As a director, when I direct my own stuff, I direct it mainly as self defense. It's like, I write a script, and then why would I give it to this guy? I already know what it's supposed to be. That's the only reason I direct, frankly, and I don't do it very often. And I think these days, the kind of movies that I want to make as a director are probably passé at this point. All the stuff I write is based on Southern literature. I'm not sure there's an audience for that.

Would you want to do a TV show, though, yourself, as the principal creative force?

I've actually come up with a couple that we're talking to some people about. I can see doing that. I wouldn't want to be a guy who was there on a daily basis, in, like, a writers' room doing that. I'm not -- otherwise I'd just go back to the sawmill, you know what I mean? Like I used to. I mean, I got out of the sawmill so I could do something that changes all the time. You know what I mean?

What prompted your move to L.A. 36 years ago?

Buddy of mine was coming out here, wanted to be a screenwriter. I was in music, mostly. I came out here to see if maybe I could get in a band out here, because the band I was in at the time had broken up.

I was in [a ZZ Top cover band] at one point, yeah -- late '70s, about '79, I guess -- we did it for a couple years. Because I was in a band that sounded a lot like them, and one of their guys that used to work for them said, "How'd you like to be the ZZ Top tribute act?" They didn't have those back then -- we were one of the first ones. We said, "I don't know. What do we get out of it?" Guy saw us at a club in Houston -- he said, "How much are you making?" I think it was like $300. He said, "How'd you like to make $1,500?" We said, "We'd like that very much."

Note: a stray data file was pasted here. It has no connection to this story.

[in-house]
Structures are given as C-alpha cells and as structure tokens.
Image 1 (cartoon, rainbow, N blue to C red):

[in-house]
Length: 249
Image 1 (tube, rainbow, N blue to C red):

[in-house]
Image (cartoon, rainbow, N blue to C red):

So I just came out here with him, with my buddy. We met a guy out here -- we didn't know anybody, and I met this one guy who [knew] my writing partner, Tom Epperson, who I came out here with -- he and I wrote several scripts together; we were neighbors back home.

He had some loose connection to this one guy here was an actor -- I think he knew his mom or something. He said, "Hey, I'm in an acting class. You ought to come and try it out. Tom says you were in drama class in high school." I said, "Yeah, but I only did that so I could maybe get a decent grade in something. And there were girls in there." I went to the guy's acting class, and one thing led to the next.

Any particular takeaway you want people to get out of "Goliath"?

I hope people start to really understand that we don't live in a fair society. That what is legal and what is fair sometimes are two different things. I hope we get that out of it.

Any chance we'll see you on "Fargo" again?

I don't think so -- I mean, unless they make it into a ghost story! If they do, I'd be happy to go back. Yeah. I love doing that, I've got to tell you. I had so much fun doing that show. The crew and the cast were so great. I think Noah [Hawley] wrote a terrific series.